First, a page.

Christmas comes late for children with disabilities in Anambra

658 views | Kenechukwu Ofomah | January 3, 2020

Over 100 children with special needs across three special schools in Anambra State, today received empowerment items as part of yuletide gifts to them from Anambra Women in Ireland.

The children who received the items in Awka were drawn from the Special Education Centre, Umuchu, Diocesan Special Education Centre, Nnewi and Rehabilitation Centre for the Disabled, the Old and the Tramps, RECDOT.
Among items presented were wheelchairs, gas cookers, sewing machines and computer sets.

Handing over the items, the President of the Group, Lady Theodora Ayagwu said the gesture was their way of giving back to the society.

She said, “persons living with disabilities are like every other person and in the developed world, the society rally efforts to secure better living condition for them. This is because, on their own, they cannot fend for themselves. Therefore, we owe it as a responsibility to take care of them and that is what Anambra women in Ireland have decided to do.”

The Chairman at the event, Comrade Innocent Nduanya observed that the gesture will complement the efforts of the state government at changing the fortunes of children with special needs in Anambra.

“Government alone cannot do this. It is a task for everyone and collectively, we achieve a society where such children will have equal rights with their normal counterparts. High net worth citizens of the state should borrow a leaf from these women. Nothing can be too much or too little to give to these children”, Nduanya emphasized.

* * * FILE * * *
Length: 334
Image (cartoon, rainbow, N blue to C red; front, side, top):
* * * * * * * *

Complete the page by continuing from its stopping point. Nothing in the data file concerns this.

A lead paper presenter, Dr Ify Iloh while highlighting the need for the society to focus on the strength and abilities of children with special needs, regretted that despite efforts made by the international community and other relevant bodies, many of such children are still being subjected to obscurity by their parents and wards who perceive their conditions as an embarrassment.

“About 650 million people representing 10 per cent of the world’s population are living with disabilities. According to the United Nations, disability is an umbrella term covering three dimensions namely impairment, activity limitation and participation restriction. It is imperative that the society understands that if given a choice, these children would have chosen to be normal but that was not to be. The greatest burden faced by the disability community the world over is that of discrimination and lack of attention,” she noted.

She emphasized the need for increased public sensitization on the rights of persons living with disabilities.
Some of the benefiting children, Chidinma Okoye and Ifunanya Nweke commended the women for the initiative and appealed for more government support towards addressing some of the teething educational challenges they face.

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